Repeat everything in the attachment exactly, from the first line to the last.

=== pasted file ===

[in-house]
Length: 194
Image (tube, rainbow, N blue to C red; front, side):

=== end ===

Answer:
[in-house]
Length: 194
Image (tube, rainbow, N blue to C red; front, side):